January 6, 2018
Canada’s competition authority just released an insightful paper outlining the specifics of the FinTech industry in the country, and, more importantly, the government’s approach to make the FinTech ecosystem an organic part of the economic environment. Some of the propositions indicate a very clear position of Canada to harbor extensive innovation adoption and allow startups to flourish. Institutional banking, on the other hand, is expected to open up to opportunities and collaboration.
Financial sector regulators and policymakers have made significant progress in adapting Canada’s regulatory environment to support innovation in the financial services sector. In brief, the recommendations are as follows:
Regulation should be technology-neutral and device-agnostic. Rules that can accommodate and encourage new and yet-to-be-developed technologies open the door to more innovative offers today and down the road.
To the extent possible, regulation should be principles-based. Instead of prescribing exactly how a service must be carried out, a principles-based approach will allow regulators to be more flexible in their approach to enforcement as technology changes.
Regulation should be based on the function an entity carries out. This will ensure that all entities that perform the same function carry the same regulatory burden and consumers have the same protections when dealing with competing service providers.
Regulation should be proportional to risk. This requires a tiered approach: functions whose failure poses lower risks to the financial system should not necessarily face the same strict oversight as those whose failure poses higher risks. This will give smaller players a level playing field to innovate.
Regulators should continue their efforts to harmonize regulation across geographic boundaries. Differences in regulations across provinces can lead to increased compliance burden. Consistency, on the other hand, can facilitate entry and expansion of FinTech across Canada and abroad.
Policymakers should encourage collaboration throughout the sector. Mechanisms for doing so include the use of regulatory sandboxes and innovation hubs. Greater collaboration will enable a clear and unified approach to risk, innovation, and competition.
Policymakers should identify a FinTech policy lead for Canada to facilitate FinTech development. This would give FinTech firms a one-stop resource for information and encourage greater investment in innovative businesses.
Regulators should promote greater access to core infrastructure and services. This includes access to the payments system (under the appropriate risk-management framework) and banking services to facilitate the development of innovative new FinTech services.
Policymakers should embrace broader open access to systems and data through application programming interfaces. With better access to consumer data (obtained through informed consent), FinTech can help Canadians overcome their inability or unwillingness to shop around and switch between service providers.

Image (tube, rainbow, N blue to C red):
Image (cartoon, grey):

Industry participants and regulators should explore the potential of digital identification verification. This would reduce customer acquisition costs for service providers, ultimately reducing the costs of switching for consumers and facilitating regulatory compliance where identity verification is needed.
Policymakers should continue to review their regulatory frameworks frequently. Doing so will ensure that these frameworks remain relevant in the context of future innovation and can achieve their objectives in a way that does not unnecessarily inhibit competition.
Before gaining the license, the tech giant was only able to act as a platform for fund houses and third-party fund sales companies to sell their products through qian.qq.com, its online wealth managing platform and its popular instant messaging tool, WeChat. Qian.qq.com is for users to access the service on PC, while a similar service on WeChat is for mobile users.
The Shenzhen Bureau of the China Securities Regulatory Commission, the nation’s top securities watchdog, has given Tencent subsidiary Tengan Funds Sales (Shenzhen) the license to sell funds directly.
Tencent has already teamed up with Howbuy, an online distributor of mutual funds, and a number of fund houses to line up nearly 100 mutual funds products via WeChat. More broadly, it also reflects Tencent’s drive to transform its Tenpay from a pure payments service into a comprehensive financial services platform.
Several internet firms have filed with the central bank to set up a credit-information platform. The new company, under the name of Baihang Credit Scoring, will be backed by Alibaba and Tencent, among others.
With 36% of the company, the National Internet Finance Association of China will be the largest shareholder. Baihang will have a registered capital of 1 billion yuan (>$150 million). Eight credit firms including Zhima Credit and Tencent Credit will each have shares of 8%.
The platform will provide personal credit information services for online lenders, supplementing the state-run credit platform.